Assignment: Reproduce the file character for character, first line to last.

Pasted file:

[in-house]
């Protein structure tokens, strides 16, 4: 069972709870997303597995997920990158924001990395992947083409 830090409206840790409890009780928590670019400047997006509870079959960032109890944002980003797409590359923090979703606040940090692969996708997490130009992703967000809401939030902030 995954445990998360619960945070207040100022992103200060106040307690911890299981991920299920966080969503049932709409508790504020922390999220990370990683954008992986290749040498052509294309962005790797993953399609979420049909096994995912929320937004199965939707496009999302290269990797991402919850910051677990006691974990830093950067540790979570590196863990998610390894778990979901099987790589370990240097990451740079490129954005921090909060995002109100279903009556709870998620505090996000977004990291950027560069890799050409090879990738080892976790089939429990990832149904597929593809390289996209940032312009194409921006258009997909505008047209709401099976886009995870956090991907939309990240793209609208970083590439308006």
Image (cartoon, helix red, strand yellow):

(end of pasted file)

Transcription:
[in-house]
């Protein structure tokens, strides 16, 4: 069972709870997303597995997920990158924001990395992947083409 830090409206840790409890009780928590670019400047997006509870079959960032109890944002980003797409590359923090979703606040940090692969996708997490130009992703967000809401939030902030 995954445990998360619960945070207040100022992103200060106040307690911890299981991920299920966080969503049932709409508790504020922390999220990370990683954008992986290749040498052509294309962005790797993953399609979420049909096994995912929320937004199965939707496009999302290269990797991402919850910051677990006691974990830093950067540790979570590196863990998610390894778990979901099987790589370990240097990451740079490129954005921090909060995002109100279903009556709870998620505090996000977004990291950027560069890799050409090879990738080892976790089939429990990832149904597929593809390289996209940032312009194409921006258009997909505008047209709401099976886009995870956090991907939309990240793209609208970083590439308006």
Image (cartoon, helix red, strand yellow):